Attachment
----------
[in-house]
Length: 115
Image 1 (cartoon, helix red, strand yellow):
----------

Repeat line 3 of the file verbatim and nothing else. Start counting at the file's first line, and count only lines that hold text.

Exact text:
Image 1 (cartoon, helix red, strand yellow):